Michael Scuse, Secretary of Agriculture, Delaware
Charles Kuperus, Secretary of Agriculture, New Jersey
Dennis C. Wolff, Secretary of Agriculture, Pennsylvania
Steven M. Crawford, Pennsylvania Secretary of Legislative Affairs
Charles M. Kuperus owns a nursery and garden center in Sussex, New Jersey. Prior to being named New Jersey Secretary of Agriculture in 2002, Kuperus served as a commissioner on the New Jersey State Planning Commission where he led the plan development process. He has served as Director of the Sussex County Board of Chosen Freeholders and First Vice President of the New Jersey Farm Bureau.
Michael T. Scuse farms 1,700 acres with his brother, Dale near Smyrna, Delaware. The farm grows corn, soybeans and wheat. Sworn in as Delaware Secretary of Agriculture in May, 2001, he has served as chairman of the Kent County Regional Planning Commission, the Kent County Recorder of Deeds and as State Committee Chairman of the Farm Service Agency. He is an active member of Ducks Unlimited and is a breeder of registered paint horses.
Dennis C. Wolff
Dennis C. Wolff is a dairy farmer from Millville, Columbia County, Pennsylvania. He owns Pen-Col Farms, which is a 600-acre, 400-head operation. He was appointed Secretary of Agriculture by Pennsylvania Governor Edward Rendell and confirmed in May, 2003. Wolff serves as a member of the Agriculture Technical Committee of the World Trade Organization, a member of the Pennsylvania State University Board of Trustees and a member of the Pennsylvania Dairy Stakeholders. He is president of the Nicholas Wolff Foundation and Camp Victory, a non-profit summer camp for handicapped and chronically ill children.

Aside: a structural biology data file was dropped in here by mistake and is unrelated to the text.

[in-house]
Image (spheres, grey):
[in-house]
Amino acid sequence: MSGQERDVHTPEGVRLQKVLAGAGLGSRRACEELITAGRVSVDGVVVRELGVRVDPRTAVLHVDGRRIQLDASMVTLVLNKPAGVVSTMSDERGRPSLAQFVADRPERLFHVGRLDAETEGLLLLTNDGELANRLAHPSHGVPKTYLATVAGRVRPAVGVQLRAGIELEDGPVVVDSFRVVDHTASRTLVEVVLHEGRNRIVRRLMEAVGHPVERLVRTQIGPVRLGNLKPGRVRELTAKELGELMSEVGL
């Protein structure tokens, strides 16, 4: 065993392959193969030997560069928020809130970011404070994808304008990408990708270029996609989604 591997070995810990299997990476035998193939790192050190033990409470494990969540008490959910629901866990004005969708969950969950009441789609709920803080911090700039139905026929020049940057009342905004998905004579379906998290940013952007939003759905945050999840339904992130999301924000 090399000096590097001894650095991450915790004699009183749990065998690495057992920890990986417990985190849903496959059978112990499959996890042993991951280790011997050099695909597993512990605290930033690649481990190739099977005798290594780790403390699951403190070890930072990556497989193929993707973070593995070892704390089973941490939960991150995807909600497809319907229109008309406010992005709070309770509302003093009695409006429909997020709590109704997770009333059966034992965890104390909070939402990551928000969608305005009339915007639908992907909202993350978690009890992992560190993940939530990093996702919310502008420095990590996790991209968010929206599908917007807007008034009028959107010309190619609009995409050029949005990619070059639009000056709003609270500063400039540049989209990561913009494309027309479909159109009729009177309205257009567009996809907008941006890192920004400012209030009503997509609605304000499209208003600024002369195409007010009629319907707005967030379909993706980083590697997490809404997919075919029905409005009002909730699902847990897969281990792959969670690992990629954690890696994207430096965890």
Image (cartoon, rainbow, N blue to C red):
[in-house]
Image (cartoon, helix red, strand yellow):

Pennsylvania agriculture is much diversified whether we are talking about the mushroom industry in the Southeast part of the state or the grape industry in the Northeast. Each sector of the Pennsylvania agricultural industry has its own issues to deal with including animal health, plant health, political issues and markets. One of the problems we have in Pennsylvania is large farm versus small farm agriculture. The smaller farms have the opportunity to grow value-added products and take them directly to the market and many need to do that to survive. Larger farms, particularly livestock operations have been challenged. We have developed a relationship with the association of town supervisors in the state to deal with the tendency to pass ordinances in some communities to put restriction on size of livestock operations. These kinds of restrictions are responsible for the loss of many of our young people who do not see the opportunity to stay on the farm because of imposed limitations.
Alternative fuels are a new market farmers are exploring. A group of producers in Lancaster County has done due diligence on a plan to build an ethanol plant and are in the process of raising $80 million to build it. With Pennsylvania’s large livestock industry and an ethanol industry, the state would have to import even more corn from other states than the current one million bushels we now import each year. Unless there is some extra economic incentive, the economics of ethanol are difficult.
Our number one issue for the longer term is educating the people of the state regarding agriculture’s importance. The kindergarten through 12th grade program and workshops we conduct are very important in this connection.
The Secretaries of Agriculture of our three states work closely together. When we had an outbreak of avian influenza in Delaware, I spoke with the governor in our state and then picked up the phone and called my fellow secretaries in Pennsylvania and Delaware. While times change, they do not change as much as one may think. We still have problems with pests and markets the way we did years ago.
Delaware has a large grain industry with corn, soybeans and wheat being the big three. We have a fairly large vegetable industry, producing more processed vegetables than the four surrounding states combined. But poultry production, which is a multi-billion-dollar industry, is the biggest. Much of our economy is tied to it. The outbreak of avian influenza earlier this year threatened a panic, causing us to look at better ways to handle outbreaks in the future. We are working particularly hard on more effective ways to remove the threat from live bird markets, where avian influenza spreads and have new regulations affecting these markets in place.